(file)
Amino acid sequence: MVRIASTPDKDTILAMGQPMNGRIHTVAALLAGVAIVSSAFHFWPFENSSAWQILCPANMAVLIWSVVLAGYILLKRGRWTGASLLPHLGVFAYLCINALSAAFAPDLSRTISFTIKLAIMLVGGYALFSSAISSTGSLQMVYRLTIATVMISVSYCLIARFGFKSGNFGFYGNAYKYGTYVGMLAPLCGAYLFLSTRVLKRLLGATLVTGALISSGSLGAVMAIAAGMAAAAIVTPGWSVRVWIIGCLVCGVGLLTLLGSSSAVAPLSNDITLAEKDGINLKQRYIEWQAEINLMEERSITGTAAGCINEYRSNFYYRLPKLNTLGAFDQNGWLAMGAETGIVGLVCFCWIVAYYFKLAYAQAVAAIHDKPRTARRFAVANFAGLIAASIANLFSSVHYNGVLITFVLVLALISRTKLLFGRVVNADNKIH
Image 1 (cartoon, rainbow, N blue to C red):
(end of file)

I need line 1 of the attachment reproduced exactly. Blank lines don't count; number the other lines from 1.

Amino acid sequence: MVRIASTPDKDTILAMGQPMNGRIHTVAALLAGVAIVSSAFHFWPFENSSAWQILCPANMAVLIWSVVLAGYILLKRGRWTGASLLPHLGVFAYLCINALSAAFAPDLSRTISFTIKLAIMLVGGYALFSSAISSTGSLQMVYRLTIATVMISVSYCLIARFGFKSGNFGFYGNAYKYGTYVGMLAPLCGAYLFLSTRVLKRLLGATLVTGALISSGSLGAVMAIAAGMAAAAIVTPGWSVRVWIIGCLVCGVGLLTLLGSSSAVAPLSNDITLAEKDGINLKQRYIEWQAEINLMEERSITGTAAGCINEYRSNFYYRLPKLNTLGAFDQNGWLAMGAETGIVGLVCFCWIVAYYFKLAYAQAVAAIHDKPRTARRFAVANFAGLIAASIANLFSSVHYNGVLITFVLVLALISRTKLLFGRVVNADNKIH